A fragile system threatened by natural disaster
The earthquake off Taiwan on December 28, 2006 that shattered internet connections for millions in Asia demonstrated starkly how vulnerable the vital network is to interruptions.
Only a comprehensive backup system in the infrastructure could prevent total paralysis, specialists warn.
"We don't yet know how best to protect ourselves against infrastructure breakdowns," said Eric Domage, a senior executive with the information technology consultancy group IDC.
The internet, which emerged at the start of the 1990s, is a vast global information network linking numerous sub-networks which use the same communication language, the IP or Internet Protocol, enabling different computers to communicate with each other.
This vast linkage rests on an infrastructure spanning the world: routers, datacentres, servers and billions of small re-routers that can direct traffic into various networks via terrestrial and submarine cables or by satellite.
Among the weakest points of the internet are the so-called backbones, the main arteries forming a "vertebral column" for the network interconnecting all the sub-networks and continents.
In Asia, a large share of the traffic which could not transit the damaged submarine cables was nevertheless re-routed as an emergency measure to servers in the United States.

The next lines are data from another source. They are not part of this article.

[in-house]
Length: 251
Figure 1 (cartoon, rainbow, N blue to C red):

But Eric Domage warned of the danger of becoming totally dependent on the United States.
He says the only solution would be to develop major electronic backup systems, in other words reinforced infrastructure such as submarine cables or routers, plus other links including by satellite.
Today, 50 percent of world traffic transits via one US state, Virginia, where most maritime terminals arrive and where the bases of most of the main root router centres are to be found which can transform an address in letters into an IP address.
The root routers are particularly sensitive.
"A hacker or a power cut can put them out of service and the Internet user then does not have access to sites," explained Romain Levy, a specialist with the information technology laboratory Lexsi.
And there are in fact only very few in the whole world, mainly in the United States, Britain and Sweden, notes Emmanuel Sartorius, a senior defence official at the French economics ministry.
One country is therefore technically in a position to "disconnect" another.
The effects of line disruption as happened in Asia can be contained if links can be transferred to wireless technology, by satellite or Wimax (wireless broadband), say sources at France Telecom.
The other danger is that of attacks by internet pirates.
"A hacker can take control of a DNS router and put it out of action," said Paulo Pinto, head of the infotech security research laboratory Sysdream.
In the absence of an alternative line, "if the emergency backup does not work, a hacker can disconnect a continent".